Tuesday, 22 November 2011

IATTOUR November 13-20, 2011: Montevideo, Uruguay

Back to school
We arrived on Saturday evening and were met at the school by Juliana—a University student from Germany who works for the school and lives here.  After a long journey, it took no time to say hello, settle into our room and fall asleep.  

Juliana directed us to a supermarket and then a street market on Sunday where we were able to pick up all required food stuffs.   
This past week we settled into a new routine.  The Herradura language school has been incredibly interesting and fun.  There are 4 hours of classes each day (2 with 2 different teachers).  The school is based in a 3ish story stone townhouse in a bohemian district of Montevideo and caters to both live-in and live-out students.  We are living here for the 3 weeks and share the space with a varying numbers of housemates/students.

When we first arrived, there were 2 German girls, 1 American a Brazilian as well as ourselves.  Now it is 3 Americans, 3 Germans, 2 Swiss and 2 Canadians.  As if this mixture wasn't crazy enough, there are many other Spanish language students who come in from apartments, home-stays, pensions and even their own homes to the school every day.  They hang out and chat in at least 5 different languages (luckily English is the default for all but 1).  The young Swiss woman in our class is unilingual French, has just recently moved to Uruguay to be with her family, so is interesting with Elaine translating French to English for the benefits of all.
  Her father was one of the political prisoners in the 70’s who escaped to Europe (too much to put in the blog, but a great story).  It is the most amazing situation to be in. 

We benefit from their explorations in South America and have picked up a few tips for later.
  We are able to sign up for extracurricular group activities or make up our own.  So far, we have explored the old part of the city, walked along the beach, watched an intense international street bicycle race and visited a mall that resembles a North American one in its entire Christmas splendor.   

We tried Tango on Tuesday with 2 German girls and a Swiss guy (the instructors were exceedingly patient with us) and visited several museums.  The Guacho museum is chock full of riding paraphernalia, as the horse plays a large role in the development of this area (the Guacho is very revered in all of South America).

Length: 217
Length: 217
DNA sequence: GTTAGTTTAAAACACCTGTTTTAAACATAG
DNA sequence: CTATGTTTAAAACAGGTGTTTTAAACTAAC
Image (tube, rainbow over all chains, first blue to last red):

The Contemporary Art Museum is really different.  Housed in an old prison in the interior of the city, it displays incredible pieces of interactive art—changed regularly.  A cross between Alcatraz and Emily Carr School of Design.  We spent about ½ hour making incredible graphic images with an interactive keyboard and then photographed decaying cell blocks.
Yesterday it was a group trip to the market with two other housemates to pick up ingredients for a group meal--shared between 7 of us.  Markets happen regularly in Montevideo streets and this was a lovely grocery market.  Many stalls of organic level produce, fish, cheese, baked goods and assorted random household items blockaded the street while vendors called out to shoppers and an old blind man played lovely sad Tango music on his accordion.    
Buying, cooking and conversation made for quite the evening. 
Tonight/Sunday night, we were out with 2 brothers from Germany to see Penerol play Nacional.  This was apparently the match to see, featuring the 2 main rival teams in Uruguay and held in “Estatios Centenal” (a stadium which can hold 70,000 fans).  Even the Germans, both great soccer fans, were taken aback by the passion of the crowd.   1 hour before the game, the stands were mostly full and the crowd was singing, waving banners and jeering the other team.  

Unfortunately, our section, Penerol, lost with a penalty kick on a handball, but it was highly entertaining. Afterwards everyone at the school asked if we got caught up in any after match skirmishes…but no…I think things were pretty well contained as there was quite a police presence everywhere. We ran off to dinner with Wolfgang and Martin and then followed a group of drummers through the streets to home.
We are planning to join another group of Uruguayan Tango Students with their guide and head out to Puenta Del Diablo next weekend.  Apparently it is in the edgy, undiscovered paradise for young travellers, artists and local hippies (early Saltspring?).  At least you can get there by bus—the next small town over (Cabo Polonia) requires an ATV or hitch-hiking! 

Although I wouldn't say our Spanish has improved greatly, we are much more comfortable in the market, in restaurants and when we speak to people who know a little English.   A small amount of progress and a great adventure!

1 comment:

  1. Oh yeah! The soccer game was realy creat and the chivito for dinner too ;-)